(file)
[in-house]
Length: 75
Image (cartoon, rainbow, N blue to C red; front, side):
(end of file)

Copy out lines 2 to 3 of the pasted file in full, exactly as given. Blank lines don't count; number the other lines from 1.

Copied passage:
Length: 75
Image (cartoon, rainbow, N blue to C red; front, side):